But we do little more than dissent. We certainly don’t do what the Muslims do – and it’s well known how reluctant our “glitterati” are to mock them. The Redeemer wouldn’t like it.

     Anti-Christian bigotry is the last bigotry to be practiced openly in these United States by persons of high public repute. (Note that last qualifier: though members of the “alt-Right” have been trying to resurrect anti-Semitism, these are not “persons of high public repute,” unless it be bad repute.) In part it’s an artifact of the coastal sociocultural “bubble,” which generally excludes Christians. In equal or larger measure, it’s because Christians don’t exact a price for such calumnies. We don’t boycott or hold street protests. We certainly don’t behead.

     No, it’s not the only sort of bigotry in the world. It’s just the only one that won’t get you disinvited to the cocktail parties and society soirees.

     The greatest of ironies arise when a bigot is attacked by his fellow bigots for not sharing some other au courant bigotry. I find it amusing when a notable anti-Christian gets backhanded by one of “his sort.” The recent contretemps between Sam Harris (The End of Faith and Letter to a Christian Nation) and Ezra Klein of Vox infamy, over some observations Harris had made about Herrnstein and Murray’s The Bell Curve, was particularly delicious. It greatly puzzled Harris. Hadn’t he already established his credentials for being a member of “the better sort” by condemning Christianity, embracing left-liberalism, and denigrating Sarah Palin? It didn’t puzzle me: “the better sort” are always tightening the criteria for inclusion among them. The value of being part of the “in crowd” is inversely proportional to the size of that crowd.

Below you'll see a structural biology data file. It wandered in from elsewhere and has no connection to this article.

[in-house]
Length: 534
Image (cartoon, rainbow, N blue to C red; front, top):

So we get phenomena such as John Legend’s scandalous remake of “Jesus Christ, Superstar,” the original of which was bad enough, and unfunny professional clown Stephen Colbert putting anti-Christian blasphemies into the mouth of a cartoon version of Donald Trump. These are persons of no discernible worth determined to feel superior to someone. As we’re the target least likely to take vengeance, they take aim at us grubby Christians. There’s no other explanation for their caperings.